Monday, 15 January 2018

Thirty Years War in 2mm: Nördlingen 1634

Following on from my last post, focusing on a regiment of Flemish Horse in 25mm, I thought I’d post some pictures of their 2mm counterparts. Yes, ladies and gentlemen, it’s “spectacles on” time again here at Roundwood Towers as we delve again into the oddly compelling world of 2mm micro-miniatures.

For new followers to this Blog, it might help to let you know that in 2016 I started a project trying to replicate on the tabletop key battles of the Thirty Years War (1618-1648). Rather than collecting an army in a larger scale (such as 28mm or 15mm), I went for the smallest generally used wargames scale – being 2mm.

This is not quite as insane as it sounds (and, yes dear readers, I am aware of just how insane it does sound). Key elements of the thinking behind choosing the 2mm scale were to create a wargame focused on re-creating iconic 17th Century battles in a manageable space, and in a compressed time period (so you could easily play a game in an evening). The 2mm scale enables whole armies to be recreated quickly, with one unit base equating to a whole formation (battalion, regiment, tercio or brigade of foot; squadron or regiment of horse; battery of artillery; and so on). The scale of the units then hopefully allows the chance to test out multiple Spanish tercios against Swedish brigades, allows to add commanded musketeers into the line, and lets the players deploy multiple lines of infantry and horse on each side (as at Lützen, Rocroi and many other battles). Hopefully, the recreation of the battle then focuses on tactical contrasts, and far less on individual unit formations.

I set out more of the thought process behind the scale choice in a couple of earlier posts on this Blog (HERE and HERE). Suffice to say its now 2018, and I’m still very much enamored of the potential afforded by 2mm, in addition to being captivated by the possibilities of modelling their micro-world.

After collecting armies for the battle of Lützen in 1632, the next additions are based around the Spanish army of the Cardinal-Infante which made the long march through Italy and Germany to be present at the battle of Nördlingen in 1634. Here I've painted some German horse, Spanish demi-lancers, a party of Croat scouts or vedettes, some Spanish commanded shot and (to balance things out) some Swedish and Finnish scouting horse. The command bases are the Cardinal-Infante, and the Count of Fuensaldaña, one of the Spanish-Imperial commanders of the later Thirty Years War.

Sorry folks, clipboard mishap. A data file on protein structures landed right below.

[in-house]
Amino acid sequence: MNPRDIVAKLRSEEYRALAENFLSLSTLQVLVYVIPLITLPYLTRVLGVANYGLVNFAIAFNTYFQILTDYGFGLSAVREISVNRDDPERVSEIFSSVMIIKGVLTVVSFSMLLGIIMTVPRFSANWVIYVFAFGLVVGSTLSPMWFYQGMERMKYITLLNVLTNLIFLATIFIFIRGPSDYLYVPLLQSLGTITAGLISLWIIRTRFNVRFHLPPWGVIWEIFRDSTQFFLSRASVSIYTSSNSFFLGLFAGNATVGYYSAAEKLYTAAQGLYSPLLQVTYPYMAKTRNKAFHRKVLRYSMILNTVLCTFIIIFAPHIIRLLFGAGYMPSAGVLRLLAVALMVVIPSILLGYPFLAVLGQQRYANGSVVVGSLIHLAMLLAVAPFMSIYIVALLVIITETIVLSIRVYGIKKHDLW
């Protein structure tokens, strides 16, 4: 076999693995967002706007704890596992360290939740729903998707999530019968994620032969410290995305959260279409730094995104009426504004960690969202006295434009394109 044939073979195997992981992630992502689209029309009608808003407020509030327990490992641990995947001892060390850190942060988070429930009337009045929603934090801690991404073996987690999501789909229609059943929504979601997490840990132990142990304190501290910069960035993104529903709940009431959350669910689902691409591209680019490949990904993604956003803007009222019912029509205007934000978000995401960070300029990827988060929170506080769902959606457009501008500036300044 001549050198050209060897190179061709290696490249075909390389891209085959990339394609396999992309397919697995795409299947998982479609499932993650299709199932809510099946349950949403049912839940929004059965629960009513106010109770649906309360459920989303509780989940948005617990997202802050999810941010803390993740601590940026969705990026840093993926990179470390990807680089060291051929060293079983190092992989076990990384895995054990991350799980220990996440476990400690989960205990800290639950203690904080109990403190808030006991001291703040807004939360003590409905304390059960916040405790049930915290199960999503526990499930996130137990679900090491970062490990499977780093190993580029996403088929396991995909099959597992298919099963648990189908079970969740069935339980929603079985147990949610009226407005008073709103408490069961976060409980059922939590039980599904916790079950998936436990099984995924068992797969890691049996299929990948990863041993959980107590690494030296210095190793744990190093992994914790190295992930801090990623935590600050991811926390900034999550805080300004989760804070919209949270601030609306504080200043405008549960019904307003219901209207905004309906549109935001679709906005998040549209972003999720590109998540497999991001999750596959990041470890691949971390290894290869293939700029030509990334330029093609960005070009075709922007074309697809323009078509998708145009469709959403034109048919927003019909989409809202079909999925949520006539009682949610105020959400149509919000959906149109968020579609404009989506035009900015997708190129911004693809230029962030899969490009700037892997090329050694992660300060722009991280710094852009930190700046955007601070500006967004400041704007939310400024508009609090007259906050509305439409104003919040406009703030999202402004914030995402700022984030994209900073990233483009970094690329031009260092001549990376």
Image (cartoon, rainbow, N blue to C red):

The figure bases are colour coded for ease of recognition on a snowy tabletop - blue for Swedes, Black for Germans and deep (Hapsburg) red for the Spanish. This works really well in practice, and helps with a section in the rules we’re writing relating to allied contingents. One of the things which conceals the nationality of the troops from an opponent on the table is to ensure that the colour coding is limited to the rear of the figure bases. 

I've experimented with some 1mm snow 'flock', which is quite fun. It's really like a fine dusting of miniature cotton, but makes quite convincing show, which would be decent 'slush' in a larger scale. I added the labels for the commanders from a printed PowerPoint file, trimmed and glued on with PVA.

I thought the 1mm snow definitely added something, but was fiddly to apply.  An optional extra, but far from essential. 

I've also started painting up some larger terrain items, including this small town which I've tried to render in a Flemish or North German brick effect.  The town was very kindly sent to me by wargaming chum, and very good friend, Matt Moran.  Thanks again Matt for your great generosity!

I've really enjoyed making terrain in 2mm (not least because its so easy to finish whole towns in an evening).  The 'world-building' aspect of this scale is just as addictive as in larger scales.